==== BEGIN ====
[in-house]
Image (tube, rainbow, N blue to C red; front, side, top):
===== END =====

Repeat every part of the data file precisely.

[in-house]
Image (tube, rainbow, N blue to C red; front, side, top):